MadSci Network: Engineering

Re: electroplating - what should be the anode made up of?

Date: Mon Nov 9 16:18:34 2009
Posted By: Joseph Weeks, Engineer
Area of science: Engineering
ID: 1253957610.Eg

In electroplating, metals are deposited on a cathode by running an electric
current between an anode and a cathode.  Electrons reduce the metal ion to
the base metal at the cathode.  The reverse can happen at the anode. 
Electrons are removed from the metal, and the metal dissolves into the
electroplating bath, becoming a metal ion. 

The metal ions present in the electroplating solution can come from a metal
salt used in making up the solution, and from the metal anode which
gradually dissolves as the electroplating process takes place.  If the
anode is the same metal that is being plated, then the concentration of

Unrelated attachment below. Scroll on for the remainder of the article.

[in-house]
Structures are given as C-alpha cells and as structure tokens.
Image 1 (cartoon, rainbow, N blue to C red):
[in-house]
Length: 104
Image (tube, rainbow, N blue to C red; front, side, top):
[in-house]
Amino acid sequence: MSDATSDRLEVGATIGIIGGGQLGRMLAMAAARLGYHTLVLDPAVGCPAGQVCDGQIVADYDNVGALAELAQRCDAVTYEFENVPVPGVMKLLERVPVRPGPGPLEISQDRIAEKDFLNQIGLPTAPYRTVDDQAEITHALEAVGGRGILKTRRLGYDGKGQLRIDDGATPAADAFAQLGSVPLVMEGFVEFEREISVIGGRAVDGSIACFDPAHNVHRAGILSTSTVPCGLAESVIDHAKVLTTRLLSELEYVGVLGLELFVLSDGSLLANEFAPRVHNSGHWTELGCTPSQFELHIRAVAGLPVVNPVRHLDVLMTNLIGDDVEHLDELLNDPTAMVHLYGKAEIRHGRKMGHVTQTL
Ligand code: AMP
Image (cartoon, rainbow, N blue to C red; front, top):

metal ions in the solution remain at the same concentration.  If the anode
is a different metal (say one that doesn't dissolve) then over time, the
metal ions in the solution will decrease in quantity until the
electroplating bath is exhausted.

From a practical point of view, the metal containing chemicals used to make
up an electroplating bath are often more expensive than the base metal used
in the cathode, so it is often more economical to use an anode of the same
metal being plated.  Also, with a metal anode, if the concentration of
metal in the bath remains essentially constant, then day after day, the
same operating times and voltages can be used to produce the same coating.
 If the concentration of the electroplating bath is changing, then the
times and voltages that worked yesterday may not work today.

Thanks for your question.

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